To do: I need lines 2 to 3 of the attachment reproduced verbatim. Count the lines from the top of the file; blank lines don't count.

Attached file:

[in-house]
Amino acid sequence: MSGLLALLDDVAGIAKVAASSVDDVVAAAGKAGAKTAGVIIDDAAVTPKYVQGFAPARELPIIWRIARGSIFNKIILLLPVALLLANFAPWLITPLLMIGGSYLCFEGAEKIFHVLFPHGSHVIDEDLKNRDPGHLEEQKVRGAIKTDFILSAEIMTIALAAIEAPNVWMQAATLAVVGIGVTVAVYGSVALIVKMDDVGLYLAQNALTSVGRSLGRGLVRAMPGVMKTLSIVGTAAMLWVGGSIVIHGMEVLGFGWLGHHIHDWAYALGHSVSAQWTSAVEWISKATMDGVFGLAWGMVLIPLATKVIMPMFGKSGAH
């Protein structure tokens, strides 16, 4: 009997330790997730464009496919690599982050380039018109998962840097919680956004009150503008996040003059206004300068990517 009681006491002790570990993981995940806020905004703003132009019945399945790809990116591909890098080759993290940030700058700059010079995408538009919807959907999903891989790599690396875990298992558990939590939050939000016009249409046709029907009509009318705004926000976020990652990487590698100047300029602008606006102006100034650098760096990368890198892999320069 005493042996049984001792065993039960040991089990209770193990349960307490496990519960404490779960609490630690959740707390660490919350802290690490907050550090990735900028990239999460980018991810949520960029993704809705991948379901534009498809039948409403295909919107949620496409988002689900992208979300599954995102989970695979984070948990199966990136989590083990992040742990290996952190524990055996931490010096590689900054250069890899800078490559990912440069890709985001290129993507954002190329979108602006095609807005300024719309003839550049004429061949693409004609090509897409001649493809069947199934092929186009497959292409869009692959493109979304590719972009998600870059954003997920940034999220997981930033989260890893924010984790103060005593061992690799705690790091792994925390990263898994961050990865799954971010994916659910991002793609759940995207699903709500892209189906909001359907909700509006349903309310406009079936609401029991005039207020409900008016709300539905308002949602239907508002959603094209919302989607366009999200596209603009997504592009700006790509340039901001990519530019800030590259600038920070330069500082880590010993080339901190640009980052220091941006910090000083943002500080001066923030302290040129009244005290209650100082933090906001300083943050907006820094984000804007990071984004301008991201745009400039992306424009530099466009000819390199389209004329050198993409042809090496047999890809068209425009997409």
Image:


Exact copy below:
Amino acid sequence: MSGLLALLDDVAGIAKVAASSVDDVVAAAGKAGAKTAGVIIDDAAVTPKYVQGFAPARELPIIWRIARGSIFNKIILLLPVALLLANFAPWLITPLLMIGGSYLCFEGAEKIFHVLFPHGSHVIDEDLKNRDPGHLEEQKVRGAIKTDFILSAEIMTIALAAIEAPNVWMQAATLAVVGIGVTVAVYGSVALIVKMDDVGLYLAQNALTSVGRSLGRGLVRAMPGVMKTLSIVGTAAMLWVGGSIVIHGMEVLGFGWLGHHIHDWAYALGHSVSAQWTSAVEWISKATMDGVFGLAWGMVLIPLATKVIMPMFGKSGAH
């Protein structure tokens, strides 16, 4: 009997330790997730464009496919690599982050380039018109998962840097919680956004009150503008996040003059206004300068990517 009681006491002790570990993981995940806020905004703003132009019945399945790809990116591909890098080759993290940030700058700059010079995408538009919807959907999903891989790599690396875990298992558990939590939050939000016009249409046709029907009509009318705004926000976020990652990487590698100047300029602008606006102006100034650098760096990368890198892999320069 005493042996049984001792065993039960040991089990209770193990349960307490496990519960404490779960609490630690959740707390660490919350802290690490907050550090990735900028990239999460980018991810949520960029993704809705991948379901534009498809039948409403295909919107949620496409988002689900992208979300599954995102989970695979984070948990199966990136989590083990992040742990290996952190524990055996931490010096590689900054250069890899800078490559990912440069890709985001290129993507954002190329979108602006095609807005300024719309003839550049004429061949693409004609090509897409001649493809069947199934092929186009497959292409869009692959493109979304590719972009998600870059954003997920940034999220997981930033989260890893924010984790103060005593061992690799705690790091792994925390990263898994961050990865799954971010994916659910991002793609759940995207699903709500892209189906909001359907909700509006349903309310406009079936609401029991005039207020409900008016709300539905308002949602239907508002959603094209919302989607366009999200596209603009997504592009700006790509340039901001990519530019800030590259600038920070330069500082880590010993080339901190640009980052220091941006910090000083943002500080001066923030302290040129009244005290209650100082933090906001300083943050907006820094984000804007990071984004301008991201745009400039992306424009530099466009000819390199389209004329050198993409042809090496047999890809068209425009997409």